New plays opened on Broadway to mixed reviews, the Greeks get big revivals, Laurie Metcalf is going to be awesome again, and Ian McKellen will soon be gouging his eyes out on your TV.
Geoffrey Rush and Susan Sarandon slay in Ionesco's Exit the King at the Barrymore, while Joan Allen and Jeremy Irons are apparently not so effective in the drab-sounding Impressionism.
Meanwhile Yasmina Reza's God of Carnageseems intriguing in a brutish intellectualism sorta way. Plus a cast of Hope Davis, Marcia Gay Harden, Jeff Daniels, and James Gandolfini sounds pretty solid.
Off Broadway, Inked Baby—by a still in school Christina Anderson—starring LaChanze sounds blah. And Haggadah at LaMama ought to be a confusing but fun trip into the Passover story.
My classicist friend Cathy tells me that An Oresteia at Classical Stage Company has really awful blindspots in the 'partially obstructed' section, so if you're going to see the turgid two-parter, make sure you buy a seat in the middle.
Speaking of classical epics, terrific and on-the-rise actor Denis O'Hare (seen recently at the Classical in Uncle Vanya with Maggie Gyllenhaal and Peter Sarsgaard) is developing An Iliad, a one-man show, at Seattle Rep.
The poorly-reviewed film Spinning Into Butter, based on Rebecca Gilman's race-relations-in-academia play, is finally being released. (That one's for you, Depardoo).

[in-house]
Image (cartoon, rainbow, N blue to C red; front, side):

Khaled Hosseini's smash hit novel The Kite Runner was already a movie. Well, now it's a play, too.
For Colored Girls Who Have Considered Suicide When the Rainbow Is Enuf was supposed to get a revival in New York this year, but the economy scared it off (along with Godspell, alack). Well, now it's going to become a movie, too.
If you missed Ian McKellen as Lear at BAM last year, you can watch the performance on New York Public Television in April.
In regional news: The god-like Laure Metcalf (who first hit big at Steppenwolf when she did that honking 30-minute-long monologue in Balm of Gilead) will star in the comedy Voice Lessons next month at the Zephyr Theatre in LA. The national tour of Mary Poppins started in Chicago this week, as did the run of new play Magnolia (not related to the movie) at the Goodman. Unfortunately, it's not great. The "modern multimedia" Hunchback of Notre Dame at the Majestic in Boston sounds weird and fun.
Also, a friend text-messaged me tonight because he thought that Elaine Stritch died. She did not. Don't anyone scare me like that ever again.